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Ohio: brutal winters and political ads clogging TV airwaves

Ohio has earned its reputation for being a politically restive state. The Nielsen Co. on Friday offered more evidence in its analysis of political advertising during this past election season. 

Nielsen found that Cleveland and Columbus had the highest concentration of political ads of any metropolitan area -- more than cities in other key battleground states including California, New York, Nevada and Colorado. 

American TV viewers, according to Nielsen, were exposed to nearly 1.48 million political commercials in October -- an increase from 1.41 million political ads that ran during October 2008, leading up to the presidential election. "It was the largest political ad output on record in what is traditionally known as the busiest month of the year for political messaging," Nielsen said.

The ratings giant tabulated commercials transmitted by local broadcast stations in the top 128 television markets. "Cleveland stations aired the highest proportion of political and issue advertising," Nielsen said. "About one out of every four paid TV ads aired on local Cleveland stations was placed by a political candidate or outside political group."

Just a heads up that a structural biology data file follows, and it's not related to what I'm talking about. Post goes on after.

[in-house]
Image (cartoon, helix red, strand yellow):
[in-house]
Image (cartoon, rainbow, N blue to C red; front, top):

Columbus, the state capital, came in second in the Nielsen ranking with an estimated 23.37% of paid ads bought by political entities.

Interestingly, the next speaker of the U.S. House -- Republican John Boehner -- also hails from the Buckeye State.

Three West Coast cities -- Portland, Sacramento and Seattle -- rounded out the Top Five. The Nielsen data might come as a surprise to viewers in Los Angeles. Analysts determined that more money was spent on campaign ads in Los Angeles than in any other market, including New York. An estimated $120 million was spent on campaign commercials run by Los Angeles TV stations.

Cities with the lowest political ad saturation levels were Jackson, Miss.; Richmond, Va.; Lincoln, Neb.; Salt Lake City; and Tyler, Texas.

-- Meg James

 

 

 
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